Winter is just about here or coming soon. The days are getting very short and dark, there is quite a chill in the air and holiday preparations are coming up. I thought I would take the opportunity to share some pointers about ways you can “winterize your website”.
1. Clean Your Gutters
On a house those things are quite functional, but can get cluttered up with junk when we’re not paying attention. Same things on your website. “Gutters” can be your website menu, sidebars, footers, or sometimes even your homepage – with when everything is a “featured item”, it’s hard to choose.
When it comes to cleaning out the gutters, just remember this saying: “When faced with too many options, we tend to choose none.”
2. Make sure your furnace is in top condition.
Nobody like their heating to shut down in the middle of winter. I often call your products and service your “economic engine” (credit to Daniele LaPorte for the term) – and so you always want to make sure that your furnace is primed and ready to go. Some things to think about from the website perspective:
- Are your most profitable services easy to find?
- Are your mot popular services easy to find?
- Does the site address questions that you get most frequently?
- Is all information (hours, pricing, addresses, etc.) up to date and correct?
- Are all of your current products and services listed?
TIP: Mark your calendar to review your website every month. Stuff changes!
3. Check and repair drafty spaces
If you are using WordPress like me, you probably have lots of items set to “draft” but that is not what I am talking about. Just like in a house, you can have cold drafts come in and ruin the warm atmosphere you’ve been trying to build. That could take many forms, such as spammy or off topics comments that need cleared (or worse, you not replying to comments that customers have left), lots of bad reviews on your products.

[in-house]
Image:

Bonus points if you take a minute to look through your analytics and identify poor performing pages.
4. Reverse your fan
You know that you need to switch the way your ceiling fan runs for the winter, making sure it helps to push warm air back down from the ceiling. The purpose of a fan like that is simply to help things run more smoothly. What’s the equivalent on your website? For many of you, this will be your seasonal promotions and discounts – perhaps just featured items in a shop or on the homepage, or the items highlighted in your blog sidebar.
While you don’t need to go into the deep end with Christmas-y banner ads and the like, a little bit of flair here and there is great for making people smile an keeping the flow moving right along
5. Avoid frozen pipes.
Frozen pipes can cause massive problems. But they are fairly easily avoided. Does your site have problems like that? You know the ones – technical glitches that you have not bothered to have investigated, graphic design work that your you have been putting off, and other blockages either front and center or behind the scenes that are slowly getting in the way of your biz?
Clear the way so that your sales pipe(line) doesn’t get frozen up.
Credit to Andy Hayes